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Students who seek speech-language instruction are representative of the population of deaf and hard of hearing students at RIT/NTID. Demographic information collected on students enrolled in speech-language instruction over the past three years reveals the following:

  • 62% are pursuing associate degrees through the College of NTID
  • 38% are pursuing Bachelor's degrees through other colleges of the Institute
  • 81% of the students were in mainstreamed environments
  • 19% came to RIT/NTID from schools for the Deaf

RIT/NTID is seeing an increasing number of students with cochlear implants. This increase is reflected in the speech-language instructional caseload. This year:

  • 20% of the students with cochlear implants pursued speech-language instruction
  • 69% of these students had received their cochlear implants within the last two years.

Learn more about NTID's cochlear implant program here.

The students' previous experience with speech-language therapy varied from minimal to extensive, with 27% indicating they had received extensive instructional services from preschool through high school. Conversely, 20% of the students who seek instruction have had minimal prior experience. The students also varied in their preferred mode of communication upon entry to RIT/NTID:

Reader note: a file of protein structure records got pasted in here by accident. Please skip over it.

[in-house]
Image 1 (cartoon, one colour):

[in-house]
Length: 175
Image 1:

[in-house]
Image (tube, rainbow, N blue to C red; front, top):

A battery of formal and informal tests is administered to all students receiving speech-language instruction. Measures of speech intelligibility reveal diversity in the students seeking speech-language instruction.

Incoming Data

Incoming Data reveals the following:


Prior to beginning instruction students are asked to self-rate their intelligibility and self-rate their confidence using speech:



The diversity of this data indicates that few assumptions can be made about who will or will not seek speech-language instruction at RIT/NTID. This diversity presents a welcome challenge to the speech-language pathologists who will be serving these students.

Students tend to seek instruction with a basic notion of wanting to improve their communication with hearing people, particularly those they will be encountering on the job. Through instructional interaction, students come to understand what is involved in improving their communication with hearing people and what their potential is for achieving that goal.